Judaism as a Cultural Heritage

Elliot is Avrom's son, featured on the prior page. 

Elliot doesn’t practice Judaism. He wasn’t Bar-Mitzvahed, doesn’t go to High Holiday services, and couldn’t tell one St. Louis Park synagogue from another. Yet, he still undeniably calls himself Jewish- in an ethnic way. Elliot’s Judaism is a cultural heritage. It’s about visiting his grandmother at the Shalom Home, bantering with his Jewish friends, and understanding A Serious Man. 

It’s part of our identity, you know? But I think a lot of it comes through just in conversation. If you’re with my dad and my aunt and my grandparents, they definitely were very embedded in that community and all their friends were Jews, and I think that’s even true of me. A lot of my friends are Jewish, and it’s kind of just a shared connection or a cultural dialogue that you can reference.”

At the time of this interview, Elliot was a freshman at Carleton College. He moved to St. Louis Park (not in the eruv) when he was a sophomore in high school, after attending St. Louis Park public schools since 5th grade. While he doesn’t have much of a relation with the Orthodox Jewish community, he feels that living in St. Louis Park has put Judaism and his Jewish identity more in the forefront. It’s things like frequently walking by a Jewish bookstore, interacting with Orthodox Jews while working at Target, and seeing Sukkahs pop up in the eruv during Sukkot. Elliot likes the visible presence of Judaism, mentioning that the city’s nickname is  “St. Jewish Park.” “I think it’s a source of pride, I think people like that we have that kind of identity,” he said.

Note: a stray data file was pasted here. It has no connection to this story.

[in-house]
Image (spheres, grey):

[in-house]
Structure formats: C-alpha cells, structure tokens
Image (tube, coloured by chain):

For Elliot, being Jewish, makes him feel a little different - a little less “vanilla” as he says. Elliot especially appreciates the moment when he and a friend realize they’re both Jewish. He describes it as an “oh, now we get each other more” moment. When asked to further elaborate, he connected it to “Jewish Humor.”

"A lot of my friends are Jewish, and it’s kind of just a shared connection or a cultural dialogue that you can reference.”

“I think it’s a certain life outlook, or a certain finding things humorous that aren’t really that overtly humorous. There’s a lot of complaining and commiserating. There’s an implication of certain shared experiences,” he said.

When asked how he thinks Judaism would play a role when raising any future children, he wasn't sure but said that it would probably be similar to how he was raised with an ethnic identity. "If I had children I wouldn’t have them be bar or bat mizvahed, I wouldn’t raise them in the faith, but I’d certainly be open if they were interested in exploring it. And I think, through generational interaction I’m sure that they would get some of it through my dad or from my aunt," he said.1

  1. Schwartz, Elliot. “Interview with Elliot.” Interview by Maggie Goldberger and Maya Margolis. May 4, 2016.